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1.  Confirmatory factor analysis reveals a latent cognitive structure common to bipolar disorder, schizophrenia, and healthy adults 
Bipolar disorders  2013;15(4):422-433.
We sought to determine whether a single hypothesized latent factor structure would characterize cognitive functioning in three distinct groups.
We assessed 576 adults (340 community controls, 126 with bipolar disorder, and 110 with schizophrenia) using 15 measures derived from nine cognitive tests. Confirmatory factor analysis (CFA) was conducted to examine the fit of a hypothesized six-factor model. The hypothesized factors included attention, psychomotor speed, verbal memory, visual memory, ideational fluency, and executive functioning.
The six-factor model provided an excellent fit for all three groups [community controls root mean square error of approximation (RMSEA) < 0.048 and comparative fit index (CFI) = 0.99; adults with bipolar disorder RMSEA = 0.071 and CFI = 0.99; and adults with schizophrenia RMSEA = 0.06 and CFI = 0.98]. Alternate models that combined fluency with processing speed or verbal and visual memory reduced the goodness-of-fit. Multi-group CFA results supported factor invariance across the three groups.
Confirmatory factor analysis supported a single six-factor structure of cognitive functioning among patients with schizophrenia or bipolar disorder and community controls. While the three groups clearly differ in level of performance, they share a common underlying architecture of information processing abilities. These cognitive factors could provide useful targets for clinical trials of treatments that aim to enhance information processing in persons with neurological and neuropsychiatric disorders.
PMCID: PMC4128168  PMID: 23656284
bipolar disorder; cognition; confirmatory factor analysis; invariance; latent variable analysis; neuropsychology; schizophrenia
2.  Four-Year Outcome of Mild Cognitive Impairment: The Contribution of Executive Dysfunction 
Neuropsychology  2012;27(1):95-106.
The contribution of executive cognition (EC) to the prediction of incident dementia remains unclear. This prospective study examined the predictive value of EC for subsequent cognitive decline in persons with mild cognitive impairment (MCI) over a 4-year period.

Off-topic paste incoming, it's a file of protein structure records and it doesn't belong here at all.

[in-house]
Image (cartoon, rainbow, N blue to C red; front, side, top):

141 persons with MCI (amnestic and non-amnestic, single- and multiple-domain) received a baseline and two biennial follow-up assessments. Eighteen tests, assessing six different aspects of EC, were administered at baseline and at 2-year follow-up, together with screening cognitive and daily functioning measures. Longitudinal logistic regression models and generalized estimating equations (GEE) were used to examine whether EC could predict progression to a Clinical Dementia Rating Scale (CDR) score of 1 or more over the 4-year period, first at the univariate level and then in the context of demographic and clinical characteristics, daily functioning measures and other neurocognitive factors.
Over the 4-year period, 56% of MCI patients remained stable, 35% progressed to CDR≥1, and 8% reverted to normal (CDR=0). Amnestic MCI subtypes were not associated with higher rates of progression to dementia, whereas subtypes with multiple impairments were so associated. Eight out of the 18 EC measures, including all three measures assessing inhibition of prepotent responses, predicted MCI outcome at the univariate level. However, the multivariate GEE model indicated that age, daily functioning, and overall cognitive functioning best predicted progression to dementia.
Measures of EC (i.e., inhibitory control) are associated with MCI outcome. However, age and global measures of cognitive and functional impairment are better predictors of incident dementia.
PMCID: PMC3933818  PMID: 23106114
mild cognitive impairment; predictors; executive cognition; dementia
3.  Evaluation of Excess Significance Bias in Animal Studies of Neurological Diseases 
PLoS Biology  2013;11(7):e1001609.
The evaluation of 160 meta-analyses of animal studies on potential treatments for neurological disorders reveals that the number of statistically significant results was too large to be true, suggesting biases.